Practice Areas Brexit - Competition
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Brexit - Competition


Critical issues for businesses to consider:

Merger Control: 

  • The EU-UK Trade and Cooperation Agreement includes a commitment to maintain effective merger control rules to address significantly anti-competitive mergers.
  • The UK has maintained its own merger control regime post-Brexit and some mergers involving Irish companies will no longer be able to benefit from the “one stop shop” mechanism where their transaction has a UK dimension. Such transactions may require notification in the UK to the Competition and Markets Authority, as well as at EU level to the European Commission. This will require additional commercial planning in carrying out certain multi-jurisdictional mergers, acquisitions and joint ventures post-Brexit.
  • Practically speaking, the number of mandatory notifications involving large multinational Irish companies under the EU Merger Regulation (EUMR) is likely to decrease. This is because many Irish multinationals tend to have significant UK activities and turnover, which will no longer be counted in post-Brexit threshold assessments.

Antitrust Enforcement and Litigation

  • The EU-UK Trade and Cooperation Agreement includes mutual commitments to maintain effective competition laws to address anti-competitive arrangements and abuses of a dominant position in the EU and UK. This effectively means that status quo of the existing EU and UK competition law rules remains. However, there is a possibility of greater divergences in competition law and enforcement policy between the Irish and UK competition authorities in the medium to long term.
  • Irish companies may be able to resist the disclosure of UK parent company documents in the event of any investigation or dawn raid be initiated by the European Commission.
  • There is a possibility of an increase in the number of private antitrust “follow-on” cases being brought in Ireland in the absence of the UK as the forum of choice, albeit subject to the difficulties in 3rd party funding and class action lawsuits in this jurisdiction.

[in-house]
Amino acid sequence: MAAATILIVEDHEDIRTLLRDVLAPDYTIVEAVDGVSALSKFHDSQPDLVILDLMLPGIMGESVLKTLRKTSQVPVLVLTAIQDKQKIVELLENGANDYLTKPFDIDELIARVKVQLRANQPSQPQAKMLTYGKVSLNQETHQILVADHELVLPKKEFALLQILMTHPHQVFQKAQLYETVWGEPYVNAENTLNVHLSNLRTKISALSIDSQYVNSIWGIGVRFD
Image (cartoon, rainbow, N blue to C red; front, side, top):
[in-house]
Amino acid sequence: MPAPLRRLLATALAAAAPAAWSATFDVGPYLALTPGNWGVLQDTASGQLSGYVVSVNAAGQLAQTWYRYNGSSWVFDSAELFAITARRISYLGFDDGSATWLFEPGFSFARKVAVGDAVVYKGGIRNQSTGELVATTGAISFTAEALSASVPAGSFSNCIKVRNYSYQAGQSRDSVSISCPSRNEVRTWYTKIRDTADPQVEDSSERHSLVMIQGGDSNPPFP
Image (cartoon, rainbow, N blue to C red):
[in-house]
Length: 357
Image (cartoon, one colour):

State Aid

  • There is a framework for subsidy control agreed under the EU-UK Trade and Cooperation Agreement which largely replicates the existing EU state aid regime, but also gives the UK significant flexibility in adopting its own new regime. The definition of “subsidy” is effectively the same as under EU state aid rules. The agreement provides that both the EU and UK must have an effective system of subsidy control, ensuring subsidies respect certain key principles in preventing any material effect on trade.
  • UK had previously indicated that it would follow WTO subsidy rules after the end of the implementation period as well as any international obligations on subsidies agreed under future free trade agreements. The WTO rules anti-subsidy rules are much narrower in scope that EU State aid rules, as apply to only goods (and not services), they ban subsidies that are dependent on export quantities, and only provides for a dispute resolution mechanism as enforcement.
  • There is a possibility of a “Brexit bonus” or less restrictive enforcement applied by the European Commission in respect of State aid schemes implemented by the Irish State, though the European Commission’s COVID-19 Temporary Framework has already introduced a more relaxed regime and is set to apply until the end of 2021.
KEY CONTACT
Gerry Beausang gbeausang@byrnewallace.com +353 1 691 5206 +353 1 691 5010
THE TEAM      
Neil Keenan nkeenan@byrnewallace.com +353 1 691 5287 +353 1 691 5010
Jon Legorburu jlegorburu@byrnewallace.com + 353 1 691 5494 + 353 1 691 5010